Nonprofits could see important changes in tax policy from Congress during the current session even though a broad tax overhaul is unlikely to advance this year, according to a leading tax expert in the House.
The Obama administration and many members of Congress have indicated a preference to proceed only with business-related tax changes, rather than opening up the entire tax code for debate. That means provisions like the charitable deduction are unlikely to change this year. But other areas of charitable tax policy are up for grabs, said Harold Hancock, tax counsel for the House Ways and Means Committee.
Last year Mr. Hancock played a major role in developing a draft bill authored by former Rep. David Camp, who was then the chairman of the tax-writing panel.
The draft proposed several changes to charity tax policy including compensation caps for nonprofit executives, a requirement that donor-advised funds distribute their assets to charities within five years, and tighter limits on using the charitable tax deduction. Other items included proposed changes on the tax treatment of unrelated business income and an adjustment of the foundation excise tax.
"The members are trying to sort out what can go into a business-reform plan," he told attendees at the 51st Annual Washington Nonprofit Legal and Tax Conference on Thursday.
Mr. Hancock said House members on the panel had not been given any guidance from the White House about what the administration considers ripe for debate. Meanwhile, the Senate Finance Committee has created several panels to consider changes throughout the tax code.
"We have to know what the other people at the dance want to do" to proceed, he said in an interview after speaking at the conference.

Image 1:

Since the draft bill was circulated last year, most of the feedback regarding tax-exempt organizations has related to the proposed payout mandate on donor-advised funds, Mr. Hancock said. He declined to characterize comments the committee received or to say whether the proposed payout requirement would be included or tweaked in future Ways and Means legislation.
"The entire Camp draft is being looked at with fresh eyes," he said.
The conference also featured a talk by Tamera Ripperda, the director of the Internal Revenue Service’s Exempt Organizations office, who gave a progress report on the 1023-EZ, a short-form for organizations requesting tax-exempt status that debuted last July. The three-page 1023EZ form can be used by smaller nonprofits instead of the 26-page 1023 form:
- The short forms have proved popular and account for about half of 1023 forms the agency receives.
- The IRS rejected 872 of the more than 20,000 of the 1023-EZ forms it received in the first six months of its use, because the organizations were ineligible for the short form, their taxpayer identification numbers didn’t match IRS records, or they didn’t respond to follow-up calls from the agency.
- Because the exempt-organization division is facing a "knowledge crisis" brought on by staff attrition, it will set up "knowledge management systems" that will compile case law, reference guides, and self-help tools for staff members. The first such system, which will focus on private foundations, will launch by early May, and eventually the information will be made public.